We listen! Some folks have been writing to us saying, hey Weekend Reading is great, except, the books featured often aren't available until next month, or beyond, and that's a tease. So this week we're going to mix it up and only include editors' picks you can get your hands on, or download, now. Enjoy.
Erin Kodicek: After reading Kathleen Rooney’s wonderful novel Lillian Boxfish Takes a Walk, I was reminded of other notable flâneurs in literature—Leopold Bloom of James Joyce’s Ulysses, Virginia Woolf’s Mrs. Dalloway…It is the gals gadding about town, rather than the men, that Lauren Elkin focuses on in her book, Flâneuse: Women Walk the City in Paris, New York, Tokyo, Venice, and London. Part memoir, part cultural critique, you will follow in the footsteps of ladies like George Sand and Jean Rhys, pondering the influence urban settings have had on their lives and work. They say that the act of walking actually enhances one's ability to think. (I’m an avid walker, and my colleagues might disagree). But, Elkin’s book certainly fuels this assertion. It’s a fascinating literary jaunt you’ll want to take.
Jon Foro: If you're at all interested in Roman history (especially if you happen to think that past events occasionally resonate in our time), you should check out Adrian Goldsworthy's histories from Yale University Press, including an excellent biography of Caesar and his most recent book, Pax Romana. (Read his post on Roman elections for the Amazon Book Review.) I recently learned of another Yale book, not by Goldsworthy, but one that seems like a perfect accompaniment: Praetorian: The Rise and Fall of Rome's Imperial Bodyguard. Guy de la Bédoyère examines the elite security force originally formed to protect Augustus and his family, but over the centuries grew into a political force of its own, often deposing emperors they objected to. So if you’re thinking about appointing your own private security force, you might want to think twice.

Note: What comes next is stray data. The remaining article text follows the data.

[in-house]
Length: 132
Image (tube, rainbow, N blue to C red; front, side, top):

Adrian Liang: If you’re looking for a thriller that will keep you reading deep into the (weekend) night, there are three excellent books to consider. Behind Her Eyes by Sarah Pinborough keeps the tension high throughout even as you start to wonder who is manipulating whom. (And are you a victim as well?) The ending is creating a lot of buzz, creating a stark divide between opinions that we haven’t seen since Gone Girl. Lisa Gardner has penned another gripping mystery in which a thirteen-year-old girl, about to be adopted by two FBI agents, discovers that the older brother who once saved her from their homicidal father might now be embarking on a killing spree of his own. If you haven’t read Gardner before but like Lisa Scottolini or J.D. Robb, I suggest giving Right Behind You a try. And speaking of J.D. Robb…on February 7 Eve Dallas embarked on her 44th investigation in Echoes in Death, which is getting rave customer reviews.
Seira Wilson: If you’re trying to decide what to read next and you’re a fan of Veronica Roth’s Divergent series (in book or movie form), we’re reading her new book, Carve the Mark, for our YA book club on Goodreads and it’s a story that quickly sucks you in. Once again Roth does a great job of world-building and creating strong characters, but without writing the same book all over again.
Sarah Harrison Smith: Daphne Merkin is such a funny, astute writer that I’m willing--even eager--to follow her into the abyss of depression in her new book, This Close to Happy: A Reckoning with Depression, published this week by Farrar, Straus & Giroux. A brilliant critic and memoirist, she reveals herself to her readers without shame. Back in my early twenties, when I was a fact checker at the New Yorker magazine, I worked with Merkin on several of her pieces, including an infamous one about her desire to be spanked. I was astonished, as a relatively shy young person, at her bravery in admitting to something so intimate – and I later was impressed by her kindness in mentoring aspiring writers (among other things, she teaches at New York’s 92nd St. Y). Merkin’s had one of those lives that veers between the very lucky (born into privilege) and the profoundly unlucky (much of what came after), and though she’s one-of-a-kind, you may find a sense of solidarity in her story, whether you’ve ventured down that dark road yourself or not.
Chris Schluep: The book that I would read again right now—if I wasn’t reading for the Best Books of March—is one from our February Best Books of the Month. It’s called Swimming Lessons, and it’s a family drama/mystery that begins when a husband thinks he sees his estranged, probably dead wife outside a window one day. He doesn’t take it well, and he has a bit of a spill, and the rest of the story is told in flashbacks as well as following events on the current timeline. This isn’t a hard-charging narrative—it’s character-oriented, and it take its time to unfold. But it’s been rainy here in Seattle (I’m not joking, but go ahead if you want to laugh), and I just want to build a fire and go reread Swimming Lessons.